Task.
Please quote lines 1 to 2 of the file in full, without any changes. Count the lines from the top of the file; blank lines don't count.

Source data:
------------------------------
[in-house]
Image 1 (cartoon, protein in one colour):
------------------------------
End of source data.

[in-house]
Image 1 (cartoon, protein in one colour):